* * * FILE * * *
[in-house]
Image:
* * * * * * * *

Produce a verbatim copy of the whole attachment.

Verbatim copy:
[in-house]
Image: